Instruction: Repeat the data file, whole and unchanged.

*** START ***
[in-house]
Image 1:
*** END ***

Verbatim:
[in-house]
Image 1: